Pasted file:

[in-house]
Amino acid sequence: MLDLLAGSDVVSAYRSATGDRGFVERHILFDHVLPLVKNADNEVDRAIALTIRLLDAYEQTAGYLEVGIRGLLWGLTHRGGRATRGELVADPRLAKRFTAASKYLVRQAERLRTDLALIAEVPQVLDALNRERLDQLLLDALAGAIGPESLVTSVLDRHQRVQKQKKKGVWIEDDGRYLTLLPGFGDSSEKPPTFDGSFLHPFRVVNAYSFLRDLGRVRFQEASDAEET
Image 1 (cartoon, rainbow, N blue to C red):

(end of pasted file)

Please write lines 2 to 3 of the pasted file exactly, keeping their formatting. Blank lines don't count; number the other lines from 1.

Amino acid sequence: MLDLLAGSDVVSAYRSATGDRGFVERHILFDHVLPLVKNADNEVDRAIALTIRLLDAYEQTAGYLEVGIRGLLWGLTHRGGRATRGELVADPRLAKRFTAASKYLVRQAERLRTDLALIAEVPQVLDALNRERLDQLLLDALAGAIGPESLVTSVLDRHQRVQKQKKKGVWIEDDGRYLTLLPGFGDSSEKPPTFDGSFLHPFRVVNAYSFLRDLGRVRFQEASDAEET
Image 1 (cartoon, rainbow, N blue to C red):